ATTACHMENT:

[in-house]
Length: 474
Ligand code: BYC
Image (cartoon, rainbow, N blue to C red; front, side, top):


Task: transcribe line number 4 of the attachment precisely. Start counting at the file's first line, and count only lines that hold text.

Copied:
Image (cartoon, rainbow, N blue to C red; front, side, top):